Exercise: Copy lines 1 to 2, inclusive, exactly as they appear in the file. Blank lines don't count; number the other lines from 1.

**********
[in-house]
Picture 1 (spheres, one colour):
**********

[in-house]
Picture 1 (spheres, one colour):